My dear widow friend from Australia, Simone, posted a couple of things that hit me like a ton of bricks. The more I have thought about them, the more I have seen them as a way forward from the unanswered questions raised in my last post, when I asked, “Should you trust your fear to keep you safe, or break it as shackles that are holding you back? When does your fear teach you not to throw your life away, and when does it prevent you from living? How can you tell?” Dr. Wayne Dyer has some guidance that really rings true:
What are you afraid of, anyway? And why? Should you trust your fear to keep you safe, or break it as shackles that are holding you back? When does your fear teach you not to throw your life away, and when does it prevent you from living? How can you tell?
GAWD! How do I get myself IN to these situations. (Shut up! Don’t answer that! Who asked you? No I didn’t, it was a rhetorical question!)
My friend Charlena recently said, “But is there really any other way to go but in over one’s head? Full out baby, that’s the way you play it, and it’s the best shit even though doing it this way hurts like hell.”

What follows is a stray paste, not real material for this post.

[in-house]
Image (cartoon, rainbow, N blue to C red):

You know what? I’m tired of hurting. I’m exhausted by pain, anguish, uncertainty, soaring hopes dashed to pieces on jagged rocks. Flying without a net.
Truth is, I’m soft.
We’ve all had the experience where something hits you like a ton of bricks. Out of the blue. From out of left field. Whacks you upside the head. I was blind but now I can see. The abundance of clichés verifies that this is not an uncommon experience.
From her book, The Gifts of Imperfection
Owning our story can be hard but not nearly as difficult as spending our lives running from it. Embracing our vulnerabilities is risky but not nearly as dangerous as giving up on love and belonging and joy—the experiences that make us the most vulnerable. Only when we are brave enough to explore the darkness will we discover the infinite power of our light.